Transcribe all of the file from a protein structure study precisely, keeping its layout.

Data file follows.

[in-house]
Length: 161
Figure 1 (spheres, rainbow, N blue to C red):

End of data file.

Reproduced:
[in-house]
Length: 161
Figure 1 (spheres, rainbow, N blue to C red):